Global Voices

Visas now required for Venezuelans as Trinidad and Tobago concludes migrant registration process

A group of protestors outside a registration centre in the nation's capital called for the "closure of the borders" of the twin-island nation.

The Guardian, one of Trinidad and Tobago's daily newspapers, launched a Spanish supplement this week targeted at the local Venezuelan community. Photo by Georgia Popplewell (CC BY SA)

Venezuelan migrants in Trinidad and Tobago had until 5pm today, June 14, to register to regularise their status in the country. The two-week exercise, which began on May 31, is the latest move by the Trinidad and Tobago government to manage the influx of people fleeing strife and hardship in Venezuela and settling in the small Caribbean nation.

The government said the registration exercise went smoothly, reporting that 13,993 migrants had been processed by the end the day on June 13, and issuing assurances that all who appeared at the centres by the deadline would be processed. One local TV station, however, reported that some migrants who attempted to register in Tobago on June 14 were not accommodated. As the registration period ended on June 14, Minister of National Security Stuart Young announced that from June 17, Venezuelans will require a visa to enter Trinidad and Tobago.

For some citizens of Trinidad and Tobago, however, the spectacle of people from the beleaguered neighbouring country receiving what some perceive as special treatment has been too much to bear.

On the evening of June 13, protestors gathered in front of the registration centre at the Queen’s Park Oval in Port of Spain demanding the resignation of Prime Minister Keith Rowley and the “closure” of the country’s borders. One of the protest organisers, a social media personality called Kia “Rankin Boss” Hosein, told the Trinidad Express that the protest was motivated not by anti-immigrant sentiment but by what she alleges are illegal actions on the part of both Venezuelan migrants and the government of Trinidad and Tobago. “Hosein said Venezuelans had broken the law by entering the country illegally,” the Express reported, “and the government has broken the law by allowing them to stay.”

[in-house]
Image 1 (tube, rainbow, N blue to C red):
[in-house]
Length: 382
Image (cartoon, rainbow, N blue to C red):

The Express reported that other protestors shouted anti-immigrant slurs and “motorists passing by honked their horns in support and shouted ‘send them back Venezuela'”. Riot police were called in to secure the area.

Hosein also told the Express that “. . . charity starts at home. We are already sinking in Trinidad and Tobago so how can you take in more people?”—a common theme among social media commentators on the Venezuela migrants issue.

Prime Minister Rowley expressed similar sentiments back in April 2018, after 82 Venezuelans were deported from the country. Responding to criticism of the deportation and of the country’s slowness to accord refugee status to Venezuelans, Rowley said that: “Bearing in mind we are not China, Russia or America, we are a little island. We have limited space. 1.3 million people. Therefore we cannot and will not allow UN spokespersons to convert us into a refugee camp.”

On the afternoon of June 14, members of the June 13 protest greeted opposition leader Kamla Persad-Bissessar as she arrived at parliament with cries of “Rowley must go!” In an interview with media, Persad-Bissessar, who, along with other members of the opposition, has been critical of the Rowley administration's response to Venezuela, said that the government has “no fixed policy and seems to be taking it on the fly, one minute at a time. . . they seem to be very unaware of the anger and the pain and suffering in the country.”

A business opportunity

Local businesses have nevertheless been quick to seize the economic opportunities presented by the Venezuelan presence in the country.

One manufacturing company was reportedly handing out information on employment opportunities and job application forms to Venezuelans waiting in line at the registration centre in southern Trinidad, and some employers are said to be including Spanish text on employment forms. Over the last few years, Venezuelans in Trinidad and Tobago have increasingly been occupying minimum wage jobs that some business owners say locals are either reluctant to do or don't perform as reliably.

This week the Trinidad and Tobago Guardian, one of the country’s three daily newspapers, began publishing a Spanish-language supplement targeted at the local Venezuelan community.

Originally published in Global Voices.

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